SIMON BIRMINGHAM: Well, I think that Australians will make them understand that Australians are feeling enormous cost of living pressures already, that it’s already costly to get to work each week, to get the kids to school or to sport, to go and do the weekly shopping or to get out and simply take a break outside of the city as in the countryside and support our small tourism businesses around the country. These are areas where households will feel the impact of petrol price rises, especially if the dollar goes down and therefore we face higher prices for petrol already. Couple that with a carbon tax thrown on top and people will really question whether they can afford to run their cars like they have before and that will be something that I’ve seen Australians previously stand up and make their voices loud and clear on. They did it, if you might remember, around the time of the GST debate and John Howard heard that message and made changes to the excise indexation of petrol. This Government will hear a similar message but people are already angry. They’re angry about cost of living pressures and they don’t understand why they should face this new carbon tax that will put price pressure on electricity and petrol and yet won’t make any demonstrable difference to the global challenge of tackling climate change.
GEOFF MULLINS: If you guys were in government and you were left with a carbon tax that was put in there by the people that were there before you, what would you do?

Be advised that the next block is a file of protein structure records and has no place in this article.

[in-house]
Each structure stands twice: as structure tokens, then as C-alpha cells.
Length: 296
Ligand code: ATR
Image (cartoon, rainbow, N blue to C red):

SIMON BIRMINGHAM: Tony Abbott has made it perfectly clear that we oppose this tax from Opposition and if in government we will repeal it. We don’t believe this is the right way to tackle climate change, we don’t believe it’s a fair impost on Australian households and we don’t think it’s good for Australian jobs and Australian industry so we’re quite clear in our opposition to it and, if elected at the next election, we will do everything we can to repeal it.
GEOFF MULLINS: Senator, thank you for your time this afternoon.
SIMON BIRMINGHAM: An absolute pleasure, Geoff.
GEOFF MULLINS: I’m glad we finally got you on the line.
SIMON BIRMINGHAM: Indeed, thank you very much.
GEOFF MULLINS: Okay, Liberal Senator, Senator Simon Birmingham and Simon is the Shadow Parliamentary Secretary for the Environment, just talking about the price of petrol going through the roof with a carbon tax. What are your thoughts?